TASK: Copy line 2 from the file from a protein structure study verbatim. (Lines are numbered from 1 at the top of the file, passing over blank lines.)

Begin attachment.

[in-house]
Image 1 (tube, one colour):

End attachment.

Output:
Image 1 (tube, one colour):